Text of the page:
Anorectal examination is usually a source of acute embarrassment for the prospective patient. One can diffuse that by simple explanation and reassurance. After a brief discussion about relevant health history, both constitutional and specifics relating to the anorectum, the patient is placed in the left lateral Sims position (laying on one’s left side).Visual inspection is the initial step which reveals an abundance of data to the clinician. One must be diligent to observe the perianus, gluteal crease and the perineum. Often times the condition that is responsible for the patient’s symptoms is very apparent. Some of the more common conditions that are usually visible are external hemorrhoids (thrombosed or non-thrombosed), pruritus ani (anal itching), skin tags, HPV (anogenital warts), perianal fistula, sebaceous cyst, Crohn’s disease, anal cancer, anal fissures, etc. The list is very long. Palpation of the surrounding tissue is imperative as tissue density varies with different conditions. Anorectal cancers are indurated masses that will feel like your “forehead”. Hemorrhoids will be more “spongy” like ones chin
Digital exam is the introduction of the examiners index finger into the anorectum. I apply a 10% Lidocaine (topical) which helps to minimize discomfort. One immediately feels for anal muscle tone or lack thereof. If this is painful, then one must adapt to the patient’s response. If there is significant pain, usually there is an anal fissure, possible anal abscess, anal cancer, etc., and a condition that is very common but under diagnosed, anal stenosis (anal narrowing/anal reflexive spasm). In women I check for rectoceles and in men I may I may palpate their prostate. At the anorectal line one may encounter enlarged hypertrophied anal papilla, which are usually present when one has anal fissure disease. Internal hemorrhoids, as mentioned will feel “spongy” and anorectal cancers will be indurated (hard) and fixed. I always look at my examining finger to check for blood.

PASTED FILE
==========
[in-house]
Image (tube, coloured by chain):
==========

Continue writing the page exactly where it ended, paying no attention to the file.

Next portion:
We then proceed to examine the anorectum with a Barr-Shuford anoscope. Adequate lubrication is essential. I inspect for hemorrhoidal disease, anal papilla, rectal polyps, IBS, IBD, Crohn’s disease, etc. and this part of the exam (anoscopy) just takes a few seconds depending upon tolerance and visual findings. Upon completion, I leave the room and allow the patient to get dressed and we then discuss the findings.